Culture and traditions
Prague is the capital city that has all the fixes you need to satisfy that travel bug bite! The fourteenth largest city in the European Union, is also the historical capital of Bohemia. The city is considered the center of European culture, politics and economics.
Like every other nation, Prague has its own culture and tradition that upon hearing, could raise an outsider’s eyebrow or two. If you plan on visiting in April, do not forget to attend “The Burning of the Witches” custom that takes place on the 30th. This peculiar custom involves the gathering of people around a bonfire and constructing the effigy of a witch that is then burnt.
The first day of May is known as “The Time of Love”. Couples pay respect to the statue of Petřín Park, who is considered the “poet of love”. This Prague event itself is quite romantic, as it coincides with the blossoming cherry trees all over the park.
The 2nd of November is known as the “All Soul’s Day”, but the local term for the custom roughly translates to “little souls” or “of all saints”. The locals visit the cemetery or graves of their loved ones to light candles, lay wreaths and flowers. Although this tradition is a quiet one, the glimmering light of candles on the graves makes it a beautiful scene, and most tourists describe this as one of a kind, bittersweet Prague event.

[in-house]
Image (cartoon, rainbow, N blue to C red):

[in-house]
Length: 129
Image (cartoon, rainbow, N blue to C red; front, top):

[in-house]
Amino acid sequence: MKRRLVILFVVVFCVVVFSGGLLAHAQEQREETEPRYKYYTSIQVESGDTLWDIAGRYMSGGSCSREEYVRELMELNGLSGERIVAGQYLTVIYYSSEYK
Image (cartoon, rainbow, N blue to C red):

The easiest and most over-used way to discover a new place, let that be while vacationing or passing by, has always been to either hop onto a tourist bus or hire a tour guide. The recent Prague travel guides also offer interesting travelling programs for visitors. Whether this is your first time visiting Prague or not, try out the latest tours and excursions that they offer. The Prague travel guides are experienced and willing to share information regarding the city, that only the locals are aware of. Tourist agencies want travelers to be immersed in the history of Prague momentarily, by becoming a part of it.